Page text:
Business Briefs and Kudos


Pueblo Library awarded National Endowment for the Humanities grant

Pueblo City-County Library District was awarded a $500,000 matching grant from the National Endowment for the Humanities. Funds from this grant will go toward improving preservation and access to the Special Collections Department at the Robert Hoag Rawlings Public Library; this will include enlarging the storage vault with updated climate control and fire suppression systems, as well as expanding workspace for library staff.

Completed with the construction of Rawlings Library in 2004, the vault located in the Special Collections department houses local and regional artifacts such as: Kit Carson’s will, the 1868 first edition of The Pueblo Chieftain, more than 10,000 historic photographs of Pueblo and southern Colorado region, as well as rock art and archaeology collections.

“This grant is one of 32 NEH Challenge grants awarded that are designed to leverage federal dollars to ignite an increase in private investment in PCCLD’s mission of providing well equipped and maintained facilities, outstanding collections, and well-trained employees who provide expert service that encourages the joy of reading, supporting lifelong learning and presenting access to information from around the world,” a library news release said.

  Overall more than $30.9 million in grants were awarded to support 188 humanities projects in 45 states and the District of Columbia. In addition to PCCLD, two other Colorado organizations were awarded NEH dollars including, Colorado State University in Fort Collins and the Colorado School of Mines in Golden.

Murthy, Haggerty join U.S. Olympic & Paralympic Committee board 

The United States Olympic & Paralympic Committee has added Dr. Vivek H. Murthy and David Haggerty, president of the International Tennis Federation and International Olympic Committee member, to its board of directors, adding expertise in health and wellness, as well as additional sport, management and athlete knowledge, according to a news release issued by the USOPC.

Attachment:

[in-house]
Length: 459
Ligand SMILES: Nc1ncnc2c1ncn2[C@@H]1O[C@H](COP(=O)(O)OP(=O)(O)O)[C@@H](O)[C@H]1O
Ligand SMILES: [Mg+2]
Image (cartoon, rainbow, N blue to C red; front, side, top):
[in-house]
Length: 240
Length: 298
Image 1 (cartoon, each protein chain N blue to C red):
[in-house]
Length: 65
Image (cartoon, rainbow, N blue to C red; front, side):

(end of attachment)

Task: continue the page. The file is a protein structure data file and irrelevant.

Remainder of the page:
Murthy’s nomination was conditionally approved at the USOPC’s board meeting in January and he assumes the seat of departed independent board member Dan Doctoroff. Haggerty assumes a board position by virtue of his status as a member of the IOC, to which he was elected during 135th IOC Session on Jan. 12.

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Haggerty was elected ITF president in September 2015 and re-elected for a second term in September 2019, before being named an IOC member in January. He previously served as chair, CEO and president of the U.S. Tennis Association board of directors, and as chair of the US Open. Additionally, he was an owner of Prince where he worked for over 13 years before becoming president of Dunlop Maxfli Slazenger Sports.


FEMA awards city nearly $4 million for flood mitigation

The City of Colorado Springs received grant funding totaling nearly $4 million from the Federal Emergency Management Administration for two flood mitigation projects.

Both projects aim to preserve frequently used roadways and important Colorado Springs Utilities infrastructure. The Cottonwood Creek Channel Stabilization Project includes a grant for $2.9 million dollars to stabilize the banks of Cottonwood Creek upstream of Austin Bluffs Parkway to stop erosion. The erosion mitigation work is aimed to protect Colorado Springs Utilities infrastructure, Woodmen Road and a pedestrian trail. Project design is expected to begin this spring, with construction anticipated to start in the fall 2021. Total cost of the project: $3.975 million; FEMA grant (75 percent of total project cost): $2.981 million; city grant match (25 percent of total project cost): $993,924. 

The Bear Creek Flood Mitigation Project will stabilize a section of Bear Creek downstream of 8th Street to stop erosion of the creek that threatens 8th Street and surrounding utilities. Project design will begin this spring, with construction anticipated to begin in the fall of 2020. 

Total cost of project: $674,574; FEMA Grant (25 percent of total project cost): $505,930; city grant match (25 percent of total project cost): $168,644.

The city will pay for the 25 percent match for both projects using funds designated through the Inter-Governmental Agreement with Pueblo which can be found at

Funding for both grants come from the agency’s Pre-Disaster Mitigation Grant Program. The program helps states, U.S. territories, federally recognized tribes and local communities complete projects that minimize the threat of future disasters. It also seeks to build community resilience and reduce overall risk to people and structures from future hazard events. This may reduce the need for federal funding in future disasters. 

Learn more about FEMA’s Pre-Disaster Mitigation Grant Program at

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